Left ventricular hypertrophy (LVH), defined by an increase in left ventricular mass (LVM), is a common cardiac finding generally caused by an increase in pressure or volume load. Assessing severity of LVH is of great clinical value in terms of prognosis and treatment choices, as LVH severity grades correlate with the risk for presenting cardiovascular events. The three main cardiac parameters for the assessment of LVH are wall thickness, LVM, and LV geometry. Echocardiography, with large availability and low cost, is the technique of choice for their assessment. Consequently, reference values for LVH severity in clinical guidelines are based on this technique. However, cardiac magnetic resonance (CMR) and computed tomography (CT) are increasingly used in clinical practice, providing excellent image quality. Nevertheless, there is no extensive data to support reference values based on these techniques, while comparative studies between the three techniques show different results in wall thickness and LVM measurements. In this paper, we provide an overview of the different methodologies used to assess LVH severity with echocardiography, CMR and CT. We argue that establishing reference values per imaging modality, and possibly indexed to body surface area and classified per gender, ethnicity and age-group, might be essential for the correct classification of LVH severity.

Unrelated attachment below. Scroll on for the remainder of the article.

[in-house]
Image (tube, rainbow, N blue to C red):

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doi.org/10.4250/jcu.2016.24.4.257, hdl.handle.net/1765/95162
Journal of Cardiovascular Ultrasound
Department of Cardiology

Alkema, M., Spitzer, E., Soliman, O. I. I., & Loewe, C. (2016). Multimodality imaging for left ventricular hypertrophy severity grading: A methodological review. Journal of Cardiovascular Ultrasound (Vol. 24, pp. 257–267). doi:10.4250/jcu.2016.24.4.257